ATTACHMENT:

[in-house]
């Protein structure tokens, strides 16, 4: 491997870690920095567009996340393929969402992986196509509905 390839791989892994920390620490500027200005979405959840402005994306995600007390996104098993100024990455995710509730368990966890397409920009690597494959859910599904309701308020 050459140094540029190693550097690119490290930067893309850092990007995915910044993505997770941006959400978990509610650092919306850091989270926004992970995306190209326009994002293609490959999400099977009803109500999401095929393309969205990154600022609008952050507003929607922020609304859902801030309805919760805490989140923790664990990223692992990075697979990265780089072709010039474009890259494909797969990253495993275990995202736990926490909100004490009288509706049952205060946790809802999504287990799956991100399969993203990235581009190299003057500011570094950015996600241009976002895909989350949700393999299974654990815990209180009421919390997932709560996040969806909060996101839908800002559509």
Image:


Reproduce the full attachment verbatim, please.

[in-house]
């Protein structure tokens, strides 16, 4: 491997870690920095567009996340393929969402992986196509509905 390839791989892994920390620490500027200005979405959840402005994306995600007390996104098993100024990455995710509730368990966890397409920009690597494959859910599904309701308020 050459140094540029190693550097690119490290930067893309850092990007995915910044993505997770941006959400978990509610650092919306850091989270926004992970995306190209326009994002293609490959999400099977009803109500999401095929393309969205990154600022609008952050507003929607922020609304859902801030309805919760805490989140923790664990990223692992990075697979990265780089072709010039474009890259494909797969990253495993275990995202736990926490909100004490009288509706049952205060946790809802999504287990799956991100399969993203990235581009190299003057500011570094950015996600241009976002895909989350949700393999299974654990815990209180009421919390997932709560996040969806909060996101839908800002559509």
Image: